How Teacher Tenure Figures Into the November Election
But for those outside education, it may be hard to understand why teacher tenure is such a big deal, especially during an election season in which both Democrats and Republicans are seizing on the issue to win votes. Let’s rewind the clock for a moment.
New Mexico Court Tosses Student Confession on Alcohol at School
[School Law Blog, 10/24/14]
The state high court threw out a high school student's admission about drinking because he received no warning of his right to remain silent. The state's highest court ruled 5-0 that the student identified as Antonio T. did not waive his state statutory right to remain silent about the alcohol use.
Ninth Circuit rules school district’s procedural violation of IDEA resulted in special education student being denied a free appropriate public education [Legal Clips, 10/22/14]
In a 2-1 split, a U.S. Court of Appeals for the Ninth Circuit three-judge panel has ruled that a California school district’s failure to comply with the Individuals with Disabilities Education Act’s (IDEA) procedural requirement to provide parents with educational testing data deprived the parents of the opportunity to meaningfully participate in the creation of their son’s individualized education program (IEP) thereby denying the student a free appropriate public education (FAPE) under the IDEA.
Read M.M. v. Lafayette School Dist.:
Schools warned on legalities of anti-bullying
Citing an “ever-increasing” number of complaints about the bullying of students with disabilities, the federal government issued a letter this week reminding schools of their legal responsibility to stop such bullying or risk violating federal anti-discrimination laws.
See also “Constitutional Implications of Punishing Cyber-Bullying” [Ed Law Prof Blog, 10/28/14]:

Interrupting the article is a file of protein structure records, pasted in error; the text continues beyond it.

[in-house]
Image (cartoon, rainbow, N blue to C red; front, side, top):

Sayreville head football coach and four staff members suspended
[Legal Clips, 10/22/14]
Sayreville Board of Education (SBOE) has unanimously upheld the decision to suspend head football coach George Najjar and four members of his staff. SBOE President Kevin Ciak stressed that the suspensions of Najjar and the four other tenured district employees, who are also on the football coaching staff, are "consistent with an ongoing and not yet completed investigation.” Najjar and the other tenured members of his staff have also been suspended from their teaching positions.
Appeals Court Rejects Police Handcuffing of Elementary Student
[School Law Blog, 10/21/14]
A federal appeals court has upheld most of a jury verdict against two police officers and the city of Sonora, Calif., in the handcuffing and transport of an 11-year-old student who was unresponsive to a school official at recess. An en banc panel of the U.S. Court of Appeals for the 9th Circuit, in San Francisco, ruled 7-4 that the two officers did not have qualified immunity over handcuffing the student identified as C.B., who had failed to take his medication for attention deficit hyperactivity disorder on what the student later called a "rough day."
Parents Potentially Liable for Son's Fake Facebook Account, Georgia Court Rules
In a novel decision, a Georgia state appeals court has ruled that parents of a 7th grader who created a fake Facebook account mocking a classmate are potentially liable for negligence for not forcing him to close the account once they learned of it
Lawsuit alleges students’ instruction lacking
Jefferson High School in Los Angeles – where some students waited two months for their class schedules and were assigned to classes with no content, given menial administrative tasks or sent home early – may be an extreme example of lost instructional time but it is not an isolated case, according to a class-action lawsuit.
[Legal Clips, 10/7/14]
Easton Area School District (EASD) has reached an agreement with the American Civil Liberties Union of Pennsylvania (ACLU-PA) settling a suit brought by ACLU-PA on behalf of two former middle school students who were prohibited from wearing breast cancer awareness bracelets which contained the slogan "I ♥ Boobies!" at school.
Teachers Who Report Abuse: Law Enforcement Agents or Good Samaritans?
]EdLaw Prof Blog, 10/6/14]: Last week, the Supreme Court granted cert in Ohio v. Clark, a case involving whether teachers' obligation to report suspected child abuse makes them law enforcement for purposes of the Confrontation Clause.
Follow the case on the SCOTUS blog:
The Court Revisits Hearsay and the 6th Amendment [Justia, 10/15/14]: Professor Colb discusses a case (Ohio v. Clark) regarding the meaning of the 6th amendment’s Confrontation Clause.
Ohio v. Clark: Do Children’s Statements Have to Be Live testimony? [Huff Post, 10/28/14]: On October 2 the Supreme Court agreed to review a decision from Ohio which could help make abused children safer, or not. The case raises the question of whether children's statements to adults reporting their own abuse can be heard in court.